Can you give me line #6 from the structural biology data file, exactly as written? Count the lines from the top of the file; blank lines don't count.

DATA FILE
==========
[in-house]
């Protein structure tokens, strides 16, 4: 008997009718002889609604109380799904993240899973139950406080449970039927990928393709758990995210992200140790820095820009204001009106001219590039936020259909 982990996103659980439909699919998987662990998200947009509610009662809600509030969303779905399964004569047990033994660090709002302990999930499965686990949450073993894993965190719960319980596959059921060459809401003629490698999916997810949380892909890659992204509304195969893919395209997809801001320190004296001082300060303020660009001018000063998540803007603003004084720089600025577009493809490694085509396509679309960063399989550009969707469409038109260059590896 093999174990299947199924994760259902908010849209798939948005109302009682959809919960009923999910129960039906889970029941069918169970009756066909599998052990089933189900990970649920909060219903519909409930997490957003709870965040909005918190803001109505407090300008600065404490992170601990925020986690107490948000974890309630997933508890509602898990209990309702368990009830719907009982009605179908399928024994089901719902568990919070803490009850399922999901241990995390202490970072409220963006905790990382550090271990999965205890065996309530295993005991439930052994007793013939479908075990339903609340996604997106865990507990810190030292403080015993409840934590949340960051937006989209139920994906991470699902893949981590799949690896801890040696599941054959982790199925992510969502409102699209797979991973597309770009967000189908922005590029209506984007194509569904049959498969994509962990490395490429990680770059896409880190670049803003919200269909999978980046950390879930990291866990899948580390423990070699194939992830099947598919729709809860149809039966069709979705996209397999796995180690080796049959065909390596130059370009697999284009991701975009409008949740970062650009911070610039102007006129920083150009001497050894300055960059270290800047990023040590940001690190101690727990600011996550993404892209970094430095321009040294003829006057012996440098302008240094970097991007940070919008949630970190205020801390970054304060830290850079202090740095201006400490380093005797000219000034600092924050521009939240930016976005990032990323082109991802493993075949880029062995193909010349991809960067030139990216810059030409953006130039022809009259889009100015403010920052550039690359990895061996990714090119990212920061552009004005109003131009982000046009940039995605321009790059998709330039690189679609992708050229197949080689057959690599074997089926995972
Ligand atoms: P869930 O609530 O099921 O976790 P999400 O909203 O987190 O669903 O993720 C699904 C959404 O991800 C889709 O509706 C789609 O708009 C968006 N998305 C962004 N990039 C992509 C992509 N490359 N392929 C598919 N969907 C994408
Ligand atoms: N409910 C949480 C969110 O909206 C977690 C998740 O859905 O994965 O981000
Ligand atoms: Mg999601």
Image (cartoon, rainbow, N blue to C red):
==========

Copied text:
Image (cartoon, rainbow, N blue to C red):